“I’m afraid so. He mentioned it in passing on his way out. I’m supposed to go see him tomorrow morning to get the details. Or rather, later this morning. I think it’s after three o’clock.”

“Forget the time. I’m more than willing to stay up until all hours of the night if it means I can be alone with you for a while.” She began to caress the inside of his thigh with her hand, listening with intense delight as his breathing began to quicken.

Tyler swallowed and laid his hand atop of hers. “Unless you want to end up doing something we’ll both regret later, you’d better stop that.”

“I wouldn’t regret it,” she whispered, her eyes filled with suppressed emotion. Then, as a blanket of sadness settled over her face, she added, “It’s not being with you that I’d regret. It’s the consequences.”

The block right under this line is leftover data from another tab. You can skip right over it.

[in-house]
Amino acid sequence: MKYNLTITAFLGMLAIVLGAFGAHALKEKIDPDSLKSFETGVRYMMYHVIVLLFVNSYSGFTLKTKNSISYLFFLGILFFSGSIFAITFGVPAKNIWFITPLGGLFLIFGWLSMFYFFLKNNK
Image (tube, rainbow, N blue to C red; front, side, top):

“I know,” he said, sighing deeply. He tucked a thin tendril of hair back behind her veil. “But it’s just too risky. You’re the one who admitted that first, not me.”

Athaya nodded in reluctant agreement. “I can just see it now. I’d end up being one of those lucky young ladies who can conceive children just by thinking about it, and then where would we be? I’d be ruined for life and would have to be married off to someone deplorable like Felgin to hide my shameful condition, and you—you’d get drummed out of the King’s Guard in the blink of an eye. Assuming, of course, that my father didn’t have you tossed into the dungeons for a few decades first.”

Tyler said nothing, knowing he couldn’t refute a word of what she’d said. But Athaya knew that there were times, increasingly frequent times during the last year or so, when both of them wondered if the risk might be worth taking despite the inevitably disastrous results.